As we begin our third calendar year of the pandemic, let's briefly recall how 2021 began: We had two good vaccines authorized, and the Trump administration was fucking up the rollout because the Great Man was far more interested in undoing the results of the 2020 election. When the vaccines were first approved for use, the administration planned to have 20 million Americans vaccinated by the end of 2020. Instead, as we noted on January 5, the new year began with just 4.3 million Americans having received their first doses, and no real plan by the federal government to get the vaccines to people in any sort of organized way.
Then the next day, almost no one was thinking all that much about vaccines for a little while.
We started seeing new records being set for daily hospitalizations and deaths, but slowly, the supply of vaccines got moving. Joe Biden was inaugurated and his people said they were astonished to find that Trump's team hadn't really had a vaccine distribution plan, and then Fox News complained that the Trump administration did so have a plan that was really shitty, which involved getting vaccines to the states and saying "you handle it." But a crap plan was still a plan, so shame on you, Joe Biden!
Where Trump's messaging on the pandemic was never anything like reality, Biden promised to be guided by the science, to stay vigilant to new developments, and — in a tonal shift that took some getting used to — to acknowledge that the pandemic had killed too many Americans, so we needed to get it under control. The vaccines finally started being delivered where they were needed, older Americans and the most vulnerable started getting not only their first doses but even their second, and by early March, on the anniversary of the pandemic declaration, Biden said the vaccines were plentiful enough that all American adults could expect to be able to get their shot by May 1, and to have Fourth of July barbecues with family.
As it turned out, the vaccines were getting into arms even more quickly than that, and many of us had actually had our first shot in late March, and our second dose well before May 1. Things were looking pretty darn good there for a while, except for some crazy rightwing nuts who suddenly switched from complaining that Biden hadn't given Trump the credit he deserved for personally developing the vaccines himself to insisting that the vaccines were poison and there's no way they'd ever let any of that socialist stuff go into their arms.
By July, just as case numbers were falling sharply and vaccination rates were good, we started hearing about this Delta variant thing, which was more easily transmitted than the original variant of the virus. We had our July 4 cookouts, but the case numbers were creeping up, and unvaccinated kids (they couldn't get vaccinated yet) came back from summer camps to infect their unvaccinated families, and soon it was time for school to start and rightwing parents were screaming about tyranny at school board meetings because the schools wanted their kids not to get sick.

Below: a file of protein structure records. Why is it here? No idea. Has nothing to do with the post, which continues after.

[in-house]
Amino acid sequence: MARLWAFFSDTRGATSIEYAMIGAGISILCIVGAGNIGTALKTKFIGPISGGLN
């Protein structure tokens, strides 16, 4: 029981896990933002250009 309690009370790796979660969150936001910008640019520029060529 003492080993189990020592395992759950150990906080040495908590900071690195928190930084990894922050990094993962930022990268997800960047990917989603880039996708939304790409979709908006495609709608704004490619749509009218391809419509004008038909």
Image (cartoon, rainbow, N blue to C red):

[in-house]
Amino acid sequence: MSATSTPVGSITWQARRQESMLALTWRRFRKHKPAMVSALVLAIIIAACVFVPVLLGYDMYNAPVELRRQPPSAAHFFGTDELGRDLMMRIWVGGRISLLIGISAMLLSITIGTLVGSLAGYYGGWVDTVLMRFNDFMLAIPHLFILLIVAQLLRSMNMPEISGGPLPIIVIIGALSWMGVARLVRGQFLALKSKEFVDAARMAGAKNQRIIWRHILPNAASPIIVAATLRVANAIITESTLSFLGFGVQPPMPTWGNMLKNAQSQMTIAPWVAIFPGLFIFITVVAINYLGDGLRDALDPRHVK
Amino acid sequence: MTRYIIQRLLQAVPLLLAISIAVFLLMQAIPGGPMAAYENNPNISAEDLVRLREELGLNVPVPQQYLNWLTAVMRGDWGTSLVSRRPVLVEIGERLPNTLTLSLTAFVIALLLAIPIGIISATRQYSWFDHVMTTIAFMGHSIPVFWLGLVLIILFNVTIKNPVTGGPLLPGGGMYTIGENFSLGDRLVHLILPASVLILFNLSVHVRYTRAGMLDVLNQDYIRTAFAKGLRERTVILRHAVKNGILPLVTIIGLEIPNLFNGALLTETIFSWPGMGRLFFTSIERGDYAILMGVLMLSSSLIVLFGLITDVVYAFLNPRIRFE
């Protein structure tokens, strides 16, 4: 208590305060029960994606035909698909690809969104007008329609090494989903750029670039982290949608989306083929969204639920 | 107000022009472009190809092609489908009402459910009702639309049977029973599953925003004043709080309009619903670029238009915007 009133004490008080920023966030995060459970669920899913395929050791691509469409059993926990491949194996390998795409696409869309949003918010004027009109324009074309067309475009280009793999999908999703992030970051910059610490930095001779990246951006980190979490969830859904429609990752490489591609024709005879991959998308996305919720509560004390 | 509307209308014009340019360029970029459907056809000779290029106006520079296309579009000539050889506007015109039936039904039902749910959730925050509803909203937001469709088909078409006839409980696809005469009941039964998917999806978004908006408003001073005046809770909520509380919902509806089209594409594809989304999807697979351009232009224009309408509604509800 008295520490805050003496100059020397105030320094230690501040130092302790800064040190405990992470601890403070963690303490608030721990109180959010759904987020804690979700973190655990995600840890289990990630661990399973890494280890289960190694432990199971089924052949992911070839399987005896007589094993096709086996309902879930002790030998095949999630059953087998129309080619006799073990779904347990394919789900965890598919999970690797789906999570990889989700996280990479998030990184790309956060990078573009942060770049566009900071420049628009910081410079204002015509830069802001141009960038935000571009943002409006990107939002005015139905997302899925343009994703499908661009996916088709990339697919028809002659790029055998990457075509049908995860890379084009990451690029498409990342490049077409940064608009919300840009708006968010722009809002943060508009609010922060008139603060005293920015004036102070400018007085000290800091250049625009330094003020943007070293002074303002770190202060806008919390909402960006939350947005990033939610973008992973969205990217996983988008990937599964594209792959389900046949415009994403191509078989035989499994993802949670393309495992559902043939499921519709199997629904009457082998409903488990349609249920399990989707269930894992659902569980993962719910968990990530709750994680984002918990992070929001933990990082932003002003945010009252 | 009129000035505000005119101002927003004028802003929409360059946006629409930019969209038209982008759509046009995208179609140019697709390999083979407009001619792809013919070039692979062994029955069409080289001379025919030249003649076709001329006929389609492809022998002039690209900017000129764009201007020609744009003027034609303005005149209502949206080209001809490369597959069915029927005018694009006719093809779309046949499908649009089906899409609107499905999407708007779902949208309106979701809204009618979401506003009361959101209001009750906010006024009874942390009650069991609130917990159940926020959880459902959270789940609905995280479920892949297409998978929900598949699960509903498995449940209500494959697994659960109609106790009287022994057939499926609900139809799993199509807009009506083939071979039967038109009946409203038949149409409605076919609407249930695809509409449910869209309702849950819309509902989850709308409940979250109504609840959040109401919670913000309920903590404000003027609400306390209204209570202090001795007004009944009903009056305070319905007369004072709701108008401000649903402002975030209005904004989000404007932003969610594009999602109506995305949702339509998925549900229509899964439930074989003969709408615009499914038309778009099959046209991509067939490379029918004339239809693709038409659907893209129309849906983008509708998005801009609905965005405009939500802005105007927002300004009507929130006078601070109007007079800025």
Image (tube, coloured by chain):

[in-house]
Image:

Red state governors competed with each other to see who could impose the most ridiculous restrictions banning public health authorities and school boards from instituting mask mandates, and in Idaho, Lt. Gov. Janice McGeachin, who considers the state's conservative Republican governor, Brad Little, too liberal, decided to ban all mask mandates herself while Little was out of the state. It didn't go over so well with Little.
The Children gamely went to school, and got sick, and schools closed, and in several states, parents who actually wanted their kids to be safe at school sued to block the enforcement of mask mandate bans, and won, in part because judges didn't get how a governor's emergency health powers could be invoked to prevent public health.
Delta kept spreading, hospitals were so overwhelmed in Idaho and Alaska that they had to literally ration care because there were no beds, no doctors or nurses or respiratory therapists, and people died — not just people with COVID, but people who needed hospital care but couldn't get admitted because the ERs and ICUs were full. Trumpers started assaulting doctors and nurses, and threatening the lives of public health officials. In Michigan, a county public health director was nearly forced off the road.
Big surprise: We started hearing about more and more healthcare workers quitting, because they couldn't do their jobs with the resources they had, because they had given all the mental energy they could, because their hospitals treated them as disposable resources.
Crazies threatened to quit their jobs instead of getting vaccinated, although in most cases, businesses and governments that mandated vaccinations actually had really good compliance, generally over 90 percent. But Republicans think they really have a winning issue in ginning up resistance to public health, and the country is just crazy enough that in many areas, it might be a winning strategy.
Oh, yes, and now we have the Omicron variant, which is still more virulent than Delta although vaccines plus booster shots also appear to be highly effective in preventing serious illness, hospitalizations, and deaths. The FDA has authorized two new antiviral treatments for COVID-19, and both appear to be very effective in preventing serious illness or death in people infected with the Omicron variant, too.
We would say more about the prospects of finally getting a handle on the pandemic in 2022, but suddenly we are run over by a truck.
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